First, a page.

Bangui, Central African Republic, Nov 29, 2015 / 12:23 pm (CNA/EWTN News).- During his meeting with the youth of the Central African Republic, Pope Francis gave spontaneous comments in response to a young local who asked the Holy Father’s advice about living in a war-torn country. “We have been taken by heavy winds and violence…these challenges remain numerous,” the young man told the Holy Father, pointing out that the symbol of their country was the banana tree because it is resistant and life-giving. The young man expressed that he and many of his friends are tempted to leave the violence and difficulties of their homeland in the Central African Republic. Since 2012, over 6,000 people in the CAR have died from violence spread by Muslim rebel groups challenging the country’s presidential power. Pope Francis’ visit to the CAR is the most dangerous yet, as the country is considered to be an active war zone. The pontiff held his encounter with the youth outside of Bangui’s Notre-Dame Cathedral on Nov. 29. It included a short, unprepared address and was followed by the administration of the sacrament of confession and a prayer vigil.Below is CNA’s full transcript of Pope Francis’ remarks to Central African youth: This friend who spoke in all of your name said that your symbol is the banana tree, because the banana is the symbol of life, it always grows, always produces, gives life, nutrients, energy. The banana plant is very resistant. I think that this tells us very clearly the way that’s proposed to us during this difficult time of war: the way of resistance. Dear friends, some of you want to go away, some of you want to leave. But escaping from the challenges that life presents is never a resolution. We need to resist, to have the courage to resist, to fight so that good can come. Those who flee do not have the courage to give life. The banana gives life and continues to reproduce, giving more and more life because it resists, because it remains, because it’s there. Some of you might ask me ‘but father, what can we do? how do we resist?’ I’m going to say to or three things that may be helpful for you in order to resist. First of all, prayer! Prayer is powerful, prayer conquers evil, prayer brings us nearer to God who is all powerful. I’m going to ask you a question: Do you pray? I don’t hear you! (cheers). Don’t forget. The second thing I’d like to say is work for peace. Peace is not found in a document you sign. That just remains there. Peace is found every day and peace is something that is done by hand, it’s something that artisans do, it’s done with one’s own life. But some of you might ask: ‘how can I be an artisan of peace?’ First, Never hate! And if someone does evil toward you, try to forgive – never hate. A lot of forgiveness. (Say together) ‘no hate, a lot of forgiveness.’ And if you don’t have hate in your heart, if you will be a victor. And then you will be a victor of the most important battle of life: victors of love, and out of love comes peace. Do you want to be conquered or do you want to be victors: what do you want? The path of love – and can one love an enemy? Yes. Can we pardon those who’ve done us wrong? Yes. Thus with love and with forgiveness, you will be conquerors. With love you will be victorious in life, love always wins, love will never allow you to be conquered. I wish you all the best – think of the banana. Think of resisting before difficulty. Escaping, going far away, is not a solution. You need to be courageous. Have you understood what it means to be courageous? Courageous and forgiving, courageous and loving, courageous and being peaceful. Are we agreed? (cheers). Let’s say together: courage, love, reconciliation, peace! Dear friends, I am very happy to meet with you. Today we opened this door, this means the door of the mercy of God. Entrust yourselves to God, because he is merciful, he is love. He is able to give you peace. And so I told you at the beginning to pray: in order to resist, to love, and to be artisans of peace. Thank you so much for your presence. Now I will go inside to hear some of your confessions. Are you ready to resist? Yes or no? (cheers). Are you ready to fight for peace? Are you ready in your heart? Is your heart ready to forgive? Is your heart ready to be reconciled? Is your heart ready to love this beautiful country? And now I go back to what I said in the beginning: is your heart ready to pray? And now, I ask you, to pray for me! So that I might be a good bishop. So that I might be a good Pope. Will you promise to pray for me? Now I give you my blessing. To you and to your families, a blessing, asking the Lord to give you love and peace. Good evening, and pray for me! Read more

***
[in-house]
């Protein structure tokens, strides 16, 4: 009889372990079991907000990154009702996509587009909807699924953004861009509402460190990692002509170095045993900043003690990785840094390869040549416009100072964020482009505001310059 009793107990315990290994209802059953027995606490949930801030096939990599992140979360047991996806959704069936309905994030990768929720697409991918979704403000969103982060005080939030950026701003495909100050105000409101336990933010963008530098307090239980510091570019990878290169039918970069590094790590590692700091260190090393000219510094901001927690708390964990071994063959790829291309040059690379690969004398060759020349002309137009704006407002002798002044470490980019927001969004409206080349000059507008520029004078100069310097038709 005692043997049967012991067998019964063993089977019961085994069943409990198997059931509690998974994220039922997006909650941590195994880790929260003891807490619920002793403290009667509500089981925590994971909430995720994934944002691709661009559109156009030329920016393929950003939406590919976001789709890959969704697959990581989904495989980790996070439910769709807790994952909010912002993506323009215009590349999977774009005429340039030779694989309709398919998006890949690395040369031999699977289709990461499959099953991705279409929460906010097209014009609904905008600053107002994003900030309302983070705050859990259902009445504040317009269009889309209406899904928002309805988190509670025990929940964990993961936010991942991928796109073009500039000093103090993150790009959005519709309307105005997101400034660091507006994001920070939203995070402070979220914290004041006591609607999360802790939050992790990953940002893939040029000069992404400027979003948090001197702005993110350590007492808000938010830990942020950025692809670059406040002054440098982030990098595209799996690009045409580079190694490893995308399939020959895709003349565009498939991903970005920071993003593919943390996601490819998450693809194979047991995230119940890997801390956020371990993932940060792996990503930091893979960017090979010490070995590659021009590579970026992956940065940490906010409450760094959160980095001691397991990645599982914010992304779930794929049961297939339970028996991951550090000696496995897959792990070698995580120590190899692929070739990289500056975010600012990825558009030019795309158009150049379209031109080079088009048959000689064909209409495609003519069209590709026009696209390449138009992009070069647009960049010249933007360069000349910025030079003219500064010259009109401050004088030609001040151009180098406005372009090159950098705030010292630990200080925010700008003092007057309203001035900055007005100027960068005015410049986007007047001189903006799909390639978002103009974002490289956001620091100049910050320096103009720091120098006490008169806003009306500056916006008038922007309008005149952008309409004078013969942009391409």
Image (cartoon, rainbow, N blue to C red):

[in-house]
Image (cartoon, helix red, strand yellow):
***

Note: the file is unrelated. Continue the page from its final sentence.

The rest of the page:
Christ’s love will overcome devastation, Pope Francis tells Central Africans